All things considered, despite the fact that they make lots of money, it seems the CARS franchise is not considered “fine” enough to win an Oscar. Besides, those same people probably hate NASCAR and Southern culture. I find that rather dumb and ironically closed-minded.

  • http://www.youtube.com/user/Tigercat919 Michael F.

    1. Probably not.
    2. Doubtful; the Oscars are very closed-minded.
    3. Probably Rango unless the reviews for Tintin are strong.

  • http://www.kicreativestudio.blogspot.com Ki Innis

    As “intolerant” as the the industry is about films sometimes falling beneath expectations, it should be expected. It’s just a rule of nature. It’s gonna happen eventually. It’s good to have a failure once in awhile. Failure sparks learning and growth.

    …..However I’m sure the marketing and sales executives don’t see it that way.

  • Jess

    time to release that pixar white knuckle oscar grip and hand it over to a movie and studio that deserves it. i.e. KFP2/Puss and DreamWorks.

  • Marvin

    The only thing that may be worse than winding up like Bluth in the 1990s would be ending up like Nelvana in the 1980s. It’s a toss-up.

    • Jen

      The worse thing than winding up like bluth in the ’90′s is winding up like bluth at all.

  • NC

    AHHHHHHH!!!! Why didn’t Cars 2 come out last year so The Illusionist and Idiots and Angels could have a chance? So frustrating!

  • Bud

    Cars 2 drove Disney’s consumer product division to new highs this year. Does it make it a good movie? Not.

    But most of the blame has to go to the first “director,” brad lewis and whoever decided he had even one talented or creative bone in his body.

  • http://www.dohtem.com/bugs Greg Method

    The best Pixar can hope for is a nomination for “Cars 2.” There is simply no way it will actually take home an award. There is no amount of technical achievement or “ooh and ahh” visual moments that will make up for the fact that critics never really seemed to like the “Cars” movies. These weren’t meant to be their prestige films; these are meant to get redne–err, Middle America to like the Pixar style. This is Pixar for the Joe Six-Pack families out there.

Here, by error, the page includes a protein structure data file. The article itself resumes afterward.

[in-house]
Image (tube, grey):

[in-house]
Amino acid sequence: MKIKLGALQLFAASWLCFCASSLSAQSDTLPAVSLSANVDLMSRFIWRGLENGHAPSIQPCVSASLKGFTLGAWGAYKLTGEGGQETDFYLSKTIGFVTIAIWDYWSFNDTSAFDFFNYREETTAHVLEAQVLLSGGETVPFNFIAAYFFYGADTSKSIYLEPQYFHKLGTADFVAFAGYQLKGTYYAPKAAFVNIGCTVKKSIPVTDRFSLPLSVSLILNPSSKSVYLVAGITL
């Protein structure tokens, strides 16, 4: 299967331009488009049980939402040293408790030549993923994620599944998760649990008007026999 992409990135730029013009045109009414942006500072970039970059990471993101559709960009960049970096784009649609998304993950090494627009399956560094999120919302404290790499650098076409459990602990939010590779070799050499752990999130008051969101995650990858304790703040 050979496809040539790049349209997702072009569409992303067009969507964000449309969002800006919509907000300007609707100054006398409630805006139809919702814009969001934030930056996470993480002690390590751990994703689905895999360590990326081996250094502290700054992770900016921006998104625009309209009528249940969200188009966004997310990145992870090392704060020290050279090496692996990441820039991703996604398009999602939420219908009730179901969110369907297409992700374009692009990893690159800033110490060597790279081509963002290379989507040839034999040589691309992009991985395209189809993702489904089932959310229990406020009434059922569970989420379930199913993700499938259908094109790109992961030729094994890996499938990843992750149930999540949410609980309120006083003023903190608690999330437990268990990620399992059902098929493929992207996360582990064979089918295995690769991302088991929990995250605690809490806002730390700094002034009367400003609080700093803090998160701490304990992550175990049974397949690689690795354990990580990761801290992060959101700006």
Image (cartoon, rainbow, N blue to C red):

I personally never thought it would win. Back when the movie first came out, my brother and I had joked that the movie’s full title is “Cars 2: We Don’t Care if We Don’t Win the Oscar This Year.”

    The studio is more likely to get recognition for “Hawaiian Vacation,” but I’ll play devil’s advocate and say that might not even be a lock only because they might lose points for using established characters as opposed to doing something 100 percent new.

  • Rob T.

    If there’s a frontrunner at this point, it hasn’t been seen by most viewers yet (outside of film festivals, invitation-only insider screenings and the like). So far I’ve seen 8 of the 18 films on the Academy’s animated feature list for this year, and there’s not a genuine classic among them–nothing that vies with, say, Midnight in Paris or The Tree of Life as a potential “best picture” contender. I’d rate Rango, Rio, Kung Fu Panda 2 and Cars 2 as superior entertainment, but no more.

    The irony of the situation is that Pixar itself (with a boost from the Disney company during the “Waking Sleeping Beauty” period) is largely responsible for the higher standards with which discerning viewers evaluate feature animation today. If four animated films as entertaining as the ones mentioned above were released in any given single year between 1970 and 1987, people would have been proclaiming an “animation renaissance.”

    As discouraging as it is for there to be no obviously worthy frontrunner, let alone the two or three that we could all argue over in most recent years, we still have it pretty good as far as animated movies go.

    • Jen